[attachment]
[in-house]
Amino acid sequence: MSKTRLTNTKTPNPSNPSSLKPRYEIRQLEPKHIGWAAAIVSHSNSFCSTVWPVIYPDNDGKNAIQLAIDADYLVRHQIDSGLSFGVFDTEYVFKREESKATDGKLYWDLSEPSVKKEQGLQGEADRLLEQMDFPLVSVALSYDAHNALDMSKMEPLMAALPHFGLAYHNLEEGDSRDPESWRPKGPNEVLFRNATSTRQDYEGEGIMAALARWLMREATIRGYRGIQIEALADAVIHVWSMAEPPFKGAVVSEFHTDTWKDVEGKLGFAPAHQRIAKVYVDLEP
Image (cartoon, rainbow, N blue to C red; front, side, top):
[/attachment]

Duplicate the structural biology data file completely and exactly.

[in-house]
Amino acid sequence: MSKTRLTNTKTPNPSNPSSLKPRYEIRQLEPKHIGWAAAIVSHSNSFCSTVWPVIYPDNDGKNAIQLAIDADYLVRHQIDSGLSFGVFDTEYVFKREESKATDGKLYWDLSEPSVKKEQGLQGEADRLLEQMDFPLVSVALSYDAHNALDMSKMEPLMAALPHFGLAYHNLEEGDSRDPESWRPKGPNEVLFRNATSTRQDYEGEGIMAALARWLMREATIRGYRGIQIEALADAVIHVWSMAEPPFKGAVVSEFHTDTWKDVEGKLGFAPAHQRIAKVYVDLEP
Image (cartoon, rainbow, N blue to C red; front, side, top):